- A contestant will be declared defeated by knocked out if knocked down four times in one and the same bout.
Fighter Selection for a Four Man CONTENDER Tournament:
Four fighters are selected for a contender tournament based on GLORY rankings. If available, the 4th, 5th, 6th and 7 th ranked fighters in that division will be chosen and matched for the opening stage according to the seed match-placement system.
One Tournament Reserve Bout will be contested to determine the order of standby fighter availability in the event that a tournament fighter is not in condition or allowed to continue and advance to fight in the next stage.
The reserve bout is contested between the fighters ranked #8 and #9 for a CONTENDER tournament or #5 and #6 for a WORLD CHAMPIONSHIP tournament (or the next highest ranking fighter(s) if they are not available). NOTE: A “wild card” fighter may be selected from a pool of the best fighters from the country where the tournament takes place or chosen by other criteria. Or an “alternate fighter” may be designated in lieu of contesting a reserve bout.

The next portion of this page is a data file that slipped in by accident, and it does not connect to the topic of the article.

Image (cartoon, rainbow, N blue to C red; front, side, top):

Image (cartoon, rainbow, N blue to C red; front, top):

Tournament Fighter Substitution Rules:
For tournaments, the following rules apply regarding the prioritized order of substitution options if a fighter in a qualifying round who has earned advancement to the next stage is unable to continue participating.
- 1st Option: The opponent of the fighter who earned advancement will be entitled to advance unless this right is withdrawn based on convincing reasons.
- 2nd Option: If the opponent of the fighter who earned advancement does not qualify, the winner of the reserve bout will be placed in the tournament (or the designated “alternate fighter”).
- 3rd Option: If the winner of the reserve bout does not qualify, the loser of the reserve bout will be placed in the tournament. If circumstances occur that require substitution beyond the parameters described above, that decision will be made by the GLORY tournament supervisor in conjunction with the presiding athletic commission.
- The Winner of a GLORY 4 Man CONTENDER Tournament will be referred to as The Contender